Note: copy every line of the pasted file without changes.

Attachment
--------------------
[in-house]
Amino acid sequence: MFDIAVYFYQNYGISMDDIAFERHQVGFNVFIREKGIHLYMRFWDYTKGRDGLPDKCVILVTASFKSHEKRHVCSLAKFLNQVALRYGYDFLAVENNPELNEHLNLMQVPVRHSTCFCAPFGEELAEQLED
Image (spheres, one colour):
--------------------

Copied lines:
[in-house]
Amino acid sequence: MFDIAVYFYQNYGISMDDIAFERHQVGFNVFIREKGIHLYMRFWDYTKGRDGLPDKCVILVTASFKSHEKRHVCSLAKFLNQVALRYGYDFLAVENNPELNEHLNLMQVPVRHSTCFCAPFGEELAEQLED
Image (spheres, one colour):